Irv West of Thurman (left) answers questions about local 4-H programs asked by children attending the 2010 Warren County Youth Fair. Plans are now underway to expand the event substantially and rename it the Warren County Rural Heritage Festival and Youth Fair — through a joint effort between Cornell Cooperative Extension and the Warren County Historical Society.
The Warren County Youth Fair, for years diminished in attendance and scope, is likely to reclaim some of its former glory by this summer.
Under a new partnership between Cornell Cooperative Extension’s 4-H program and the Warren County Historical Society, plans are now moving ahead for a far larger festival than in recent history.
In line with the planned expansion, the event — set for Saturday Aug. 11 — is to be re-titled as the Warren County Rural Heritage Festival & Youth Fair.
The expanded fair is to not only include the annual youth fair talent show, horse show and youth produce and craft competitions, but a variety of exhibits, demonstrations and vendors relating to the traditions of work and play in Warren County’s bygone years.
Already lined up for the Heritage & Youth Fair are exhibits by the Washington Co. Fairground Museum, the Chapman Museum of Glens Falls, and demonstrations by the Merry Mohicans Squaredance Club and the Allies of Ongonquit.
While the Fairground Museum will be welcoming people to operate old corn-grinding apparatus and butter churns, the Chapman will be demonstrating Victorian games and toys.
This first-time-ever partnership between Cooperative Extension and another organization to sponsor the event could double attendance and lead toward long-term revitalization of the county fair, Extension agent John Bowe said April 23.
“With many new exhibitors and vendors and the added theme of local history, we’ll be offering an experience that’s fun and educational, while continuing to be very affordable,” he said.
Plans also are underway for the fair to offer tethered horse rides, and living-history demonstrations of early Native American culture by the Allies 0f Ongonquit re-enactors.
Also booked for the fair are the North Country Toastmasters Club with its members offering tall tales, and square dancing demonstrations and instruction — with all welcome to participate — by the Merry Mohicans club.
Wool shearing and spinning demonstrations are also planned — as is a seminar on raising chickens, to be offered by Nemec’s Farm & Garden.
Bowe added that animals may also be on exhibit. Of course, the various contests and games of prior years, like the annual pie-eating contest, will also be featured.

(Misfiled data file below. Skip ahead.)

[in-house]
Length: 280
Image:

Plans also are underway to include farmers’ markets as well as antiques dealers, who will be encouraged to explain their artifacts and life in the olden days.
A short presentation on the 2012 Heritage Festival and Youth Fair was presented to the Warren County Board of Supervisors at their April 20 meeting by members of the Warren County Historical Society, and the concept was well received.
Also featured at the 2012 fair will be a croquet tournament sponsored by the Warrensburgh Historical Society — and all county Supervisors were challenged, at the April 20 meeting, to compete in the tournament.
Bowe said the historical society approached him in 2011, seeking information on holding a heritage festival on the county-owned fairgrounds last fall. Bowe said he advised them to partner with his agency to facilitate appropriate permits, and boost the prospects of both initiatives.
Bowe praised the historical society members for their efforts to date.
“They are working very hard, lining up vendors, demonstrators and educators,” he said
Bowe added that such a partnership could bring the Warren County Youth Fair back to its glory days. In the 1980s, it was a two-day event featuring carnival rides, a midway, pony pull events, adult woodsmen’s competitions, and entertainment by prominent regional rock and country music bands.
In those years, attendance could be as high as 10,000 over the weekend. In recent years, the event — now free of charge — has drawn merely 300 to 500 people total.
Bowe said April 23 that this new partnership might blossom into a resumed effort to establish a county fair association to manage and operate the fair.
For two years, talk has surfaced of privatizing the fair administration, but such efforts have stalled.
Bowe added that Warren County’s plans to sell the fairgrounds to developer Richard Emerson of Warrensburg might benefit the fair’s revival — although others have been wary of the move. Bowe said that Emerson would likely lend his expertise in marketing to promote the fair, as well as upgrading the buildings, which have deteriorated in recent years. Emerson has stated he intends to use the fairgrounds, which includes 25 acres and nine buildings - including barns and animal stalls - for staging events.